Get the system time in milliseconds at the beginning, and again at the end, and subtract.
To get the number of milliseconds since 1970 in POSIX you would write:
struct timeval tv;
return ((((unsigned long long)tv.tv_sec) * 1000) +
(((unsigned long long)tv.tv_usec) / 1000));
To get the number of milliseconds since 1601 on Windows you would write:
if (!SystemTimeToFileTime(&systime, &filetime))
unsigned long long ns_since_1601;
ULARGE_INTEGER* ptr = (ULARGE_INTEGER*)&ns_since_1601;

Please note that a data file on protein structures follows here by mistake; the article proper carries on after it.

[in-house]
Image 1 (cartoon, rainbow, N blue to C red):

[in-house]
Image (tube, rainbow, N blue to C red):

// copy the result into the ULARGE_INTEGER; this is actually
// copying the result into the ns_since_1601 unsigned long long.
ptr->u.LowPart = filetime.dwLowDateTime;
ptr->u.HighPart = filetime.dwHighDateTime;
// Compute the number of milliseconds since 1601; we have to
// divide by 10,000, since the current value is the number of 100ns
// intervals since 1601, not ms.
return (ns_since_1601 / 10000);
If you cared to normalize the Windows answer so that it also returned the number of milliseconds since 1970, then you would have to adjust your answer by 11644473600000 milliseconds. But that isn't necessary if all you care about is the elapsed time.